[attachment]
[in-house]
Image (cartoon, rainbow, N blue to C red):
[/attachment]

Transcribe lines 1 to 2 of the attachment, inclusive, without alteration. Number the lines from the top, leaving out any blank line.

[in-house]
Image (cartoon, rainbow, N blue to C red):